Poor Ruth Madoff simply can’t catch a break.
First, her husband gets caught running the largest financial fraud in history. Then, she’s forced to give up everything, including her homes, except for $2.5 million in pocket change, which the receiver in the Bernard Madoff case is going after, anyway. Now, she’s dealing with the revelation that her husband of 50 years cheated on her.
So says one of Madoff’s most virulent victims, Sheryl Weinstein, in her new book. Madoff’s Other Secret: Love, Money, Bernie, and Me will be published on Aug. 25. The ghost-written tome, which is “a fast read,” said a spokesman for the publisher, St. Martin’s Press, will detail the affair, including photographs and intimate descriptions of the Ponzi schemer extraordinaire, who was sentenced to 150 years in prison for his crimes earlier this year.
Readers desiring said intimate descriptions can pre-order the 224-page book on Amazon.com and barnesandnoble.com; the cover price in $23.99.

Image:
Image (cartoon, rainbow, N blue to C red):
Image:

Since Madoff’s scam unraveled in December, few have been as vocal in attacking him as his alleged one-time paramour, Weinstein. The former CFO of Hadassah, the Women’s Zionist Organization of America, met Madoff 21 years ago; she and her husband, Ronald, say they lost everything when Madoff’s scheme went belly-up.
“He is a beast that has stolen for his own needs the livelihoods, savings, lives, hopes and dreams and futures of others,” she said at his sentencing hearing.
“He fed upon us to satisfy his own needs. No matter how much he takes and from whom he takes, he is never satisfied,” she continued, in a line than can now be parsed 1,000 ways. “He is an equal-opportunity destroyer.”
Neither Madoff, who is imprisoned at a federal prison camp in North Carolina, nor his wife have spoken out about Weinstein’s revelations, but his lawyer, Ira Sorkin, said “she’s entitled to her free speech, I suppose.”
“Why one would go public with something like that, I don’t know,” Sorkin told Bloomberg News, ignoring for whatever reason the obvious financial interest in such a salacious book for a woman who lost a ton of money in his client’s fraud. “She’s entitled to say anything that might be deemed derogatory about herself.”